"Students, as well as seasoned professionals, will appreciate the multiple perspectives, the development of the concept of insight and the delineation of its clinical implications brought together in one volume."--Readings


"The book is divided into five sections . . . Part I deals broadly with phenomenology. . . . Part II concentrates on models which may help to explain the aetiology of lack of insight. . . . Parts III and IV are concerned with social and behavioural aspects of the problem. . . . Part V deals with the clinical implications of impaired insight, highlighting again its association with poor treatment compliance. Here there is a satisfying shift from academic considerations to firmly practical measures. . . . In brief, this book can be highly commended as a landmark publication in a hitherto much neglected field. It presents a stimulating mix of theory, systematic research and basic clinical observation, and illustrates well the contribution of the new breed of clinician/neuroscientist to the advancement of understanding in a difficult and important arena. This work will doubtless become the major reference book for those working in the field for quite some time."--Cognitive Neuropsychiatry




"Some books are memorable for the way in which they clarify a subject, assembling an array of seemingly unrelated facts into a coherent whole. Other books make their mark by unpacking the complexities of a topic that turns out to be more intricate then [sic] we had ever suspected. Insight and Psychosis falls in this latter group. . . . At a certain point in its development, a field is ripe for the kind of grand synthesis that shatters old paradigms and establishes new ones. The study of insight has not yet reached that stage. But the analytic approaches presented in this volume, cumulated over time, are the surest path toward the goal of convincingly explicating this complex and important phenomenon."--Psychiatric Services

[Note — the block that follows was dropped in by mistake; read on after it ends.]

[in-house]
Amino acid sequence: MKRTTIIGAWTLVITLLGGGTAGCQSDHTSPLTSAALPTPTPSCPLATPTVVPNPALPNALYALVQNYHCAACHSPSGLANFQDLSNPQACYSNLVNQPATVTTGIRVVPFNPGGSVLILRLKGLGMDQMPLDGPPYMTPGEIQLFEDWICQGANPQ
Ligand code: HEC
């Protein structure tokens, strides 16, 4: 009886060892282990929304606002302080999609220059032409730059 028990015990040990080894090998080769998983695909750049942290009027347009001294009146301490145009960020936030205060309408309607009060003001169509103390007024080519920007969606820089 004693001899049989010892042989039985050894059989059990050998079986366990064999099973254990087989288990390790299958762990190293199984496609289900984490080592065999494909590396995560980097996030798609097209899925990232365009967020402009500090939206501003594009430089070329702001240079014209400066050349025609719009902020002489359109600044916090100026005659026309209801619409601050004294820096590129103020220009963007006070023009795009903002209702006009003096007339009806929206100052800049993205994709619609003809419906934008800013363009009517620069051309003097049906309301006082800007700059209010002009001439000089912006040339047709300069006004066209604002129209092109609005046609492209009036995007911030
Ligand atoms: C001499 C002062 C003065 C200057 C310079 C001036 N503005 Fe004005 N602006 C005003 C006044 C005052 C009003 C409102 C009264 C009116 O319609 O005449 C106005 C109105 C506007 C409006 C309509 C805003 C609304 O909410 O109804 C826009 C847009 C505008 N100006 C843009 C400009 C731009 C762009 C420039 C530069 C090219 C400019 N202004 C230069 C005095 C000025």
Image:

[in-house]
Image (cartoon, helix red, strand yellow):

"Students, as well as seasoned professionals, will appreciate the multiple perspectives, the development of the concept of insight and the delineation of its clinical implications brought together in one volume."--Readings


"The book is divided into five sections . . . Part I deals broadly with phenomenology. . . . Part II concentrates on models which may help to explain the aetiology of lack of insight. . . . Parts III and IV are concerned with social and behavioural aspects of the problem. . . . Part V deals with the clinical implications of impaired insight, highlighting again its association with poor treatment compliance. Here there is a satisfying shift from academic considerations to firmly practical measures. . . . In brief, this book can be highly commended as a landmark publication in a hitherto much neglected field. It presents a stimulating mix of theory, systematic research and basic clinical observation, and illustrates well the contribution of the new breed of clinician/neuroscientist to the advancement of understanding in a difficult and important arena. This work will doubtless become the major reference book for those working in the field for quite some time."--Cognitive Neuropsychiatry


You may also be interested in...

Schizophrenia: A Very Short Introduction
Added to basket
Couple Therapy for Depression
Added to basket
The Psychopath Whisperer
Added to basket
Madness
Added to basket
£11.99
Paperback
Doctoring the Mind
Added to basket
Healing the Child Within
Added to basket
Psychiatric Drugs Explained
Added to basket
Anti-Oedipus
Added to basket
£21.99
Paperback
Madness Explained
Added to basket
Cracked
Added to basket
£9.99
Paperback
The Man Who Mistook His Wife for a Hat
Added to basket
Depression
Added to basket
£29.99
Paperback
Dibs in Search of Self
Added to basket

Please sign in to write a review

Your review has been submitted successfully.